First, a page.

What this means depends on whom you ask.
Some consider the development a victory, arguing that it means a "fundamentalist" organization — its Web page calls for "the Islamization of knowledge" — with possible ties to terrorism, coupled with a narrow and anti-Israel worldview, will not have a say in what's taught on the North Philadelphia campus.
Others view it as another instance of Islamophobia, in which intolerance has trumped openness and diversity, and where the good name of a progressive Muslim organization has now been smeared.
According to a press release, Temple had decided neither to accept nor reject the offer. Several sources stated that the ultimate decision rested with the university's president, Ann Weaver Hart.
Temple "indicated that no decision regarding this matter would be made until post-9/11 federal investigations of the IIIT are complete," Mark Eyerly, a school spokesperson, stated in the release.
The investigation refers to the case of Sami Al-Arian, a former University of South Florida professor who was charged in 2002 with using his own think tank to fund Palestinian terror groups. In 2005, a Florida jury acquitted him on eight counts and deadlocked on nine others.
Al-Arian reached a deal with prosecutors, pleading guilty to one count, which came with a 57-month sentence.
In the course of the investigation, the Justice Department searched the IIIT's Virginia offices. According to published reports, it had donated funds to Al-Arian's think tank.
According to Nancy Luque, an attorney for IIIT, the institute has never faced criminal charges or had its assets frozen by the government.
But it appears that the federal investigation into the group has never officially been closed.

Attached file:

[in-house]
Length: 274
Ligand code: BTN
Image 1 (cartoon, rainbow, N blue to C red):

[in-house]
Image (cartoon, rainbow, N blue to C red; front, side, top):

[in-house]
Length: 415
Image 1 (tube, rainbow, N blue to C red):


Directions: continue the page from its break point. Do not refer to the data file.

"They are very progressive; they are the opposite of fundamentalist. They want to enhance education of a very moderate, if not liberal, understanding of the Koran," said Luque, referring to IIIT. "Our money comes from and stays within the United States."
Luque — who also represented Jonathan Pollard, convicted in 1986 of spying for Israel on behalf of the United States — lamented that "now, our chances of doing this are destroyed; we are ruined." She was referring to IIIT working with a major university.
She also suggested that certain "right-wing Jewish groups" may have exerted pressure on Temple to steer clear of any relationship with IIIT, although it's not clear that this was the case.
At least one Jewish professor, Rebecca T. Alpert, who chairs Temple's religion department, lobbied hard in favor of accepting the donation.
"I felt comfortable about their intentions. I believe their motivation was to educate students about Islam and nothing more," she said. While noting that she doesn't agree with everything IIIT has done, she said that the university — and not donors — make the decisions about how funds are spent.
"They want people to learn more about Islam, and I think that's a good thing," said Alpert.
The plan had been for the funds to be in place by the end of January in order to honor retiring professor Mahmoud Ayoub with a symbolic title and an endowed professorship.
That endowment would have allowed the religion department to hire a high-caliber Islamic- studies scholar, according to Alpert, adding that she will now begin the search for another funding source.
Ayoub could not be reached for comment. But the Lebanese-born scholar noted in The Philadelphia Inquirer that Temple did not want to be associated with any Muslim organization.
"If Muslims did that, tried to block a Jewish chair or program, I wouldn't have liked it," he told the paper.
"We are talking about Saudi money … we are talking about a particular worldview that does not recognize the multiplicity of currents within Islam," stated John Matthies, assistant director of Islamist Watch at the Philadelphia-based Middle East Forum. "It is very exclusionary. They teach that there is only one way to talk about Islam.
"I think it was a good result," added Matthies. "It seems that Temple put their hands in their pockets and waited for IIIT to walk away."